left bankrupt

I thought a lot about the question that one student asked me: “Professor, what’s left?”. I’m sure that’s clear to many of you, but I didn’t realize that I needed a definition to convince me: “The left is defending that equal opportunities are possible,” I told him. And I’m holding it. I included equality and fairness in the definition: equal opportunities (equality) and their possibility (fairness). Put this way, any application of government that tries to counter one or the other is a blow to the left. Corruption is the process of rotting: the plant does not bloom. There is no left that does not fight against corruption. And corruption is fought by institutions dedicated to its prevention, not by the word of the boss. We must review the behavior of everyone: the boss and subordinates, and not take the boss’s words as indisputable truth. That’s not democracy, that’s authoritarianism.

Institutions aim to ensure that opportunities are possible. For example, the judicial system must review whether people’s behavior is in accordance with the norms we have established and make decisions in this regard. But human behavior is in so many areas that we need specialized bodies with specific rules. Elections are central: how do we get people to exercise our right to choose who will govern us and that such exercise is credible? In Mexico, because of our electoral history (party [PRI] and the state indistinguishable, counting votes) we had to build a sound institution. Thus, at the request of many, we built the National Electoral Institute (IFE was born) with a fundamental task: that citizens and parties trust the election results. And INE did it: we go to the elections, we vote and we recognize the results, because they are clearly credible (it’s funny, although in reality it’s angry, that people like Pablo Gómez lie to torpedo what they also built). INE guarantees that the same possibilities of exercising the right to participate in the election of our representatives and governors are possible. It is the central institution of the Mexican democratic system. We are all building it, slowly, painstakingly, and we believe in it, there are also polls (which, by the way, were decided by the parties in power, substitute primaries).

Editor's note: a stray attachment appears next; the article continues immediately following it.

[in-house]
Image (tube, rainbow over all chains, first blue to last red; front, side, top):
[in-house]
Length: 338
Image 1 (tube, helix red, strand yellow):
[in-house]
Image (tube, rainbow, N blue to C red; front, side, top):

Those who govern our country today behave as if the institutions we built are the enemies of justice (it should be proven, but the reasons are in their way). They touched, for example, the CNDH, putting at the head of a person who is not at the top of such a commission: through recommendations to the state and government to show their own actions that violate human rights. They defend a prosecutor who has proven that he is using his abilities to prosecute crimes in pursuit of his own interests (this is indeed a violation of equal opportunity). They knowingly violate INA rules: they receive cash that they do not declare, they promote their candidates with public money. Is it possible that they don’t want us to believe in the elections?

Institutions can be better, their years of practice serve us to evaluate them and see how they limp. In the light of such information we transform it. Fabricating facts and destroying organisms is not transformation, it leads to destruction.

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